Klotho and Lina


Appearing as strings of orange dots, the brightest sets of dots belong to asteroids Klotho and Lina. Both orbit out in the main asteroid belt between Mars and Jupiter. via NASA https://ift.tt/3dOjZwA

Asteroid or Potato


Is this asteroid Arrokoth or a potato? Perhaps, after all the data was beamed back to Earth from NASA's robotic New Horizons spacecraft, the featured high resolution image of asteroid Arrokoth was constructed. Perhaps, alternatively, the featured image is of a potato. Let's consider some facts. Arrokoth is the most distant asteroid ever visited and a surviving remnant of the early years of our Solar System. A potato is a root vegetable that you can eat. Happy April Fool's Day from the folks at APOD! Although asteroid Arrokoth may look like a potato, in fact very much like the featured potato, Arrokoth (formerly known as Ultima Thule) is about 200,000 times wider and much harder to eat. via NASA https://ift.tt/2UQHooB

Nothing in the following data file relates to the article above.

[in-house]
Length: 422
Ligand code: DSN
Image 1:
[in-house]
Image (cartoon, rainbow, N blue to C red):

Be An Astronaut


In March 2017, Peggy Whitson broke the then-spacewalking record for female astronauts. via NASA https://ift.tt/2yfuV6b

The Galactic Center from Radio to X ray


In how many ways does the center of our Galaxy glow? This enigmatic region, about 26,000 light years away toward the constellation of the Archer (Sagittarius), glows in every type of light that we can see. In the featured image, high-energy X-ray emission captured by NASA's orbiting Chandra X-Ray Observatory appears in green and blue, while low-energy radio emission captured by SARAO's ground-based MeerKAT telescope array is colored red. Just on the right of the colorful central region lies Sagittarius A (Sag A), a strong radio source that coincides with Sag A*, our Galaxy's central supermassive black hole. Hot gas surrounds Sag A, as well as a series of parallel radio filaments known as the Arc, seen just left of the image center. Numerous unusual single radio filaments are visible around the image. Many stars orbit in and around Sag A, as well as numerous small black holes and dense stellar cores known as neutron stars and white dwarfs. The Milky Way's central supermassive black hole is currently being imaged by the Event Horizon Telescope. via NASA https://ift.tt/2QY1fBk